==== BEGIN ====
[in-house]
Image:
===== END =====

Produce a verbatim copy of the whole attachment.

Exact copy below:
[in-house]
Image: